Unlike Ventresca, supra, wherein the plaintiff as soon as construction on a garage was started objected and advised the defendant that he was violating the deed restriction, and, Peters v. Davis, 426 Pa. 231, 231 A.2d 748 (1967), wherein the plaintiffs, through their counsel, notified the defendant prior to completion of the construction of the defendants' dwelling that the dwelling was in violation of the plaintiffs' easement rights, in the present case, appellees' encroachment was not discovered until a year following completion of appellees' garage, when the Borough's engineer, while surveying the intersection of North 6th and Ochre Streets, determined the encroachment. Also, it must be noted that not one of the appellants discovered the encroachment until Mr. Hunsicker learned of it upon becoming
[ 310 Pa. Super. Page 221]
a councilman for Lehighton Borough in 1978; eight years following construction of the garage.
As to the issue of whether granting the injunction would cause more harm than good, appellants do not seek to compel the removal of a part of appellees' garage as a result of any obstacle it presents to their use of Ochre Street beyond North 6th Street. Ochre Street at the time of the lower court hearings, had never been used for pedestrian nor vehicular travel and had been impassible due to the natural growth of trees, brush, and shrubbery as well as the condition of the terrain.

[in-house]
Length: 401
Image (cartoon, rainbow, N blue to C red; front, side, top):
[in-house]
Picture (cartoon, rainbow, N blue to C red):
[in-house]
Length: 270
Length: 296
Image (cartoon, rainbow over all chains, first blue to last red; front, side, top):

Also, unless the municipality at some future time opens Ochre Street beyond North 6th Street, it will remain in its impassible state and unused whether or not appellants receive a mandatory injunction. Appellants, in seeking the removal of the encroaching part of the garage, offered no testimony indicating any use they intend to make of Ochre Street or how they would be benefited by such removal. The width of Ochre Street subject to the easement, with the encroachment of the garage leaves a traversable width of 32.85 feet which is .15 feet less than the traversable width of Ochre Street, as opened by the Borough between 4th and 6th Streets. Moreover, no evidence was produced to demonstrate the effect such encroachment has on the value of appellants' property. In contrast, the evidence presented to the lower court demonstrated that the cost to appellees of demolishing their garage, repairing their house after demolition, and the loss of the fair market value of their house due to the demolition would be in excess of nine thousand ($9,000.00) dollars.
Therefore, we conclude, that appellees' encroachment was the result of an unintentional mistake and the granting of the requested injunction would cause more harm to the appellees than it would benefit appellants. The lower court correctly denied appellants request for a mandatory injunction.